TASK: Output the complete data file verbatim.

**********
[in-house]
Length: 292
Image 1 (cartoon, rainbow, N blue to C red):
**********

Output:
[in-house]
Length: 292
Image 1 (cartoon, rainbow, N blue to C red):